sw733 From United States of America, joined Feb 2004, 6361 posts, RR: 9 Posted (4 years 3 months 1 week 13 hours ago) and read 4477 times:
I travel to the Middle East fairly frequently, to Muscat, for work...however, I have never yet had free time to check out areas nearby, except for a stop in Dubai once. Later this year, I will have such an opportunity, as I plan to take 5-7 free days after my work in Muscat.
So I ask the experts of A.Net - where should I go? I am not looking for a ton of excitement, but places with friendly people, interesting sites (historical or modern), and a relaxed atmosphere would be ideal.
Thanks in advance for all of your help - this is one area of the world that I am fairly inexperienced with!
I thought TLV looked like a downtrodden 70s Miami, and the Bauhaus architecture wasn't doing it any favors. The vibe/people seemed nice but I was struck how dated it looked. Jerusalem obviously is loaded with things to see.
wingman From Seychelles, joined May 1999, 2315 posts, RR: 5
Reply 14, posted (4 years 3 months 1 week 6 hours ago) and read 4314 times:
From my Jordanian friend who has been urging me to visit the region for 10 years now...Beirut, Damascus and Petra of course. I would also add Israel and Turkey if I had the time and money. Sounds like a full month minimum to hit all that. You could whirlwind the first 3 in seven days but you know how that goes, you won't remember a thing. Best to spend all seven days in one place and make it a quality visit that you'll remember for a lifetime. Have fun.
rwSEA From Netherlands, joined Jan 2005, 3118 posts, RR: 2
Reply 15, posted (4 years 3 months 1 week 6 hours ago) and read 4307 times:
Cairo definitely does not fit the "relaxed atmosphere" criteria, but the people are friendly and the sights are amazing (I mean come on, it's the Pyramids and King Tut!). I think 5 days would be perfect to see Cairo and maybe do a day or two to Alexandria (easy by train). The prices will be cheaper than what you're used to back home as well.
I have heard that Syria, particularly Damascus and Palmyra, are absolutely amazing. I think Syria and Beirut are next on my Middle East wish list.
I was most impressed with Muscat, though I felt as though I was able to see almost everything in one day. Very relaxed and friendly though, and tons of historic forts, etc. to see! And the Shangri-La Barr Al Jissah Resort was probably hands down the nicest hotel I've ever stayed at!
Well worth a visit, if only to see the interesting modern architecture. You can easily beat the heat at Wild Wadi waterpark, or even Ski Dubai! However, it's not relaxed, nor is it friendly.
Quoting sw733 (Thread starter): I am not looking for a ton of excitement, but places with friendly people, interesting sites (historical or modern), and a relaxed atmosphere would be ideal.
I'd say Jordan would be your best bet. Amman is a very laid-back city, and the Abdoun area is clean, safe, and very friendly. There are historical Roman ruins mixed in with modernity, and you can always escape to the Dead Sea or Petra to see some really fascinating stuff. Then you have the beach down in Aqaba.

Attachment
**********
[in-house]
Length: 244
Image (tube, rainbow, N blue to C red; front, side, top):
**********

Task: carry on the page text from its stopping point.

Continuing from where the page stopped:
Personally I loved Istanbul and Cairo, but it doesn't sound like those hectic metropolises would be your cup of tea.
Flying in the middle seat of coach is much better than not flying at all!
ClassicLover From Ireland, joined Mar 2004, 4652 posts, RR: 23
Reply 18, posted (4 years 3 months 1 week 4 hours ago) and read 4289 times:
Quoting SurfandSnow (Reply 16): I'd say Jordan would be your best bet. Amman is a very laid-back city, and the Abdoun area is clean, safe, and very friendly. There are historical Roman ruins mixed in with modernity, and you can always escape to the Dead Sea or Petra to see some really fascinating stuff. Then you have the beach down in Aqaba.
Everyone should visit Petra and the Dead Sea once in their lifetime. The Dead Sea is seventeen different kinds of amazing to swim in Not been to Aqaba yet, I hear it's great though! Can't wait to go back to Jordan actually!
I do quite enjoy a spot of flying - more so when it's not in Economy!
Love Istanbul. I've been there before and plan to go back this winter. But true Middle East (and perhaps Egypt) is more what I am looking for. So, I am going to decide between Egypt, Lebanon and Jordan depending on how good of a price I can get from Muscat to there.
PlymSpotter From Spain, joined Jun 2004, 11686 posts, RR: 60
Reply 24, posted (4 years 3 months 6 days 16 hours ago) and read 4186 times:
Be sure to visit Aleppo too if you are going to Syria, the citadel there is an often forgotten treasure on the scale of the Pyramids. Nearby San Simeon is also very much worth a visit, and you can continue overland from there to Turkey, which is much cheaper to get back to UK/Ireland from.
...love is just a camouflage for what resembles rage again...
: My vote goes for Beirut. The atmosphere in that city is outstanding. Best to visit early or late in the summer, this way you avoid excess heat but ca
: Beirut used to be nice. I go to Istanbul every chance I get. I love that city. I also tell people to go to Egypt if they get the chance. Everything is
: Well I wanted to go with my friend but he wont go to Syria. Politics and all that I didnt see many tourists other than loads from the Gulf states whe
: That's why I said early or late in the summer #1 destination for two years in a row, first time by the NY Times, I'm guessing its safe to say it stil
: Yes, it takes 2 to 3 hours on average depending on traffic and border crossing times. Beirut IS nice.
: Here are my 2 cents: 1. Dubai-It's close to Muscat, and you'd be able to fit in all the major sights in 5-7 days. 2. Cairo-The largest Arab city is al